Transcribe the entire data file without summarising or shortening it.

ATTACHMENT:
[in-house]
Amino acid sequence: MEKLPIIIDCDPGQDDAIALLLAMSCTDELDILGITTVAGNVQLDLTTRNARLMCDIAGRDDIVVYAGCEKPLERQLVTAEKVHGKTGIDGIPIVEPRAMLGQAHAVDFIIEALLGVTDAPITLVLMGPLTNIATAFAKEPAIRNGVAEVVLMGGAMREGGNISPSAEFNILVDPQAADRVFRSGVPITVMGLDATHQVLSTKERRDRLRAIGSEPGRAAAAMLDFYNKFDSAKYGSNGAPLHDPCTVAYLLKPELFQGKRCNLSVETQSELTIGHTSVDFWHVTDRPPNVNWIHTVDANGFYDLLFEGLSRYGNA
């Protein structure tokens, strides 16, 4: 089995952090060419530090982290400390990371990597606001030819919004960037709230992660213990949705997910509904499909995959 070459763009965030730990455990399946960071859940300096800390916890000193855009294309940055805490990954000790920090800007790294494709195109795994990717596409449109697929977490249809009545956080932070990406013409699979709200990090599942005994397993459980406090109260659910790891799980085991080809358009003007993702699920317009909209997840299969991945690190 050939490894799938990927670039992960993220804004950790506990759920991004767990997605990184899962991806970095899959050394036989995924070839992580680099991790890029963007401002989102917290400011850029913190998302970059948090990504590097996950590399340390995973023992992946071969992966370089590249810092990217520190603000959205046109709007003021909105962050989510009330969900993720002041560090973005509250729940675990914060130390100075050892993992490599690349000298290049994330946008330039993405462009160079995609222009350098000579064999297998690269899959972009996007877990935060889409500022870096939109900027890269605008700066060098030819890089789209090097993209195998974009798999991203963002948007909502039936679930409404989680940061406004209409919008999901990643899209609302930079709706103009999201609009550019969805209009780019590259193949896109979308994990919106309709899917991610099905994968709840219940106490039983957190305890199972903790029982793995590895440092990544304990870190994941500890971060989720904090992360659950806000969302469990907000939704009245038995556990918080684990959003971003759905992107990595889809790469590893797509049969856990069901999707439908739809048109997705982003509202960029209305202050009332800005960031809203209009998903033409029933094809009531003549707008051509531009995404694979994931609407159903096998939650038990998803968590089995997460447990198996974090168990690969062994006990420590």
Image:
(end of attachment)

[in-house]
Amino acid sequence: MEKLPIIIDCDPGQDDAIALLLAMSCTDELDILGITTVAGNVQLDLTTRNARLMCDIAGRDDIVVYAGCEKPLERQLVTAEKVHGKTGIDGIPIVEPRAMLGQAHAVDFIIEALLGVTDAPITLVLMGPLTNIATAFAKEPAIRNGVAEVVLMGGAMREGGNISPSAEFNILVDPQAADRVFRSGVPITVMGLDATHQVLSTKERRDRLRAIGSEPGRAAAAMLDFYNKFDSAKYGSNGAPLHDPCTVAYLLKPELFQGKRCNLSVETQSELTIGHTSVDFWHVTDRPPNVNWIHTVDANGFYDLLFEGLSRYGNA
């Protein structure tokens, strides 16, 4: 089995952090060419530090982290400390990371990597606001030819919004960037709230992660213990949705997910509904499909995959 070459763009965030730990455990399946960071859940300096800390916890000193855009294309940055805490990954000790920090800007790294494709195109795994990717596409449109697929977490249809009545956080932070990406013409699979709200990090599942005994397993459980406090109260659910790891799980085991080809358009003007993702699920317009909209997840299969991945690190 050939490894799938990927670039992960993220804004950790506990759920991004767990997605990184899962991806970095899959050394036989995924070839992580680099991790890029963007401002989102917290400011850029913190998302970059948090990504590097996950590399340390995973023992992946071969992966370089590249810092990217520190603000959205046109709007003021909105962050989510009330969900993720002041560090973005509250729940675990914060130390100075050892993992490599690349000298290049994330946008330039993405462009160079995609222009350098000579064999297998690269899959972009996007877990935060889409500022870096939109900027890269605008700066060098030819890089789209090097993209195998974009798999991203963002948007909502039936679930409404989680940061406004209409919008999901990643899209609302930079709706103009999201609009550019969805209009780019590259193949896109979308994990919106309709899917991610099905994968709840219940106490039983957190305890199972903790029982793995590895440092990544304990870190994941500890971060989720904090992360659950806000969302469990907000939704009245038995556990918080684990959003971003759905992107990595889809790469590893797509049969856990069901999707439908739809048109997705982003509202960029209305202050009332800005960031809203209009998903033409029933094809009531003549707008051509531009995404694979994931609407159903096998939650038990998803968590089995997460447990198996974090168990690969062994006990420590």
Image: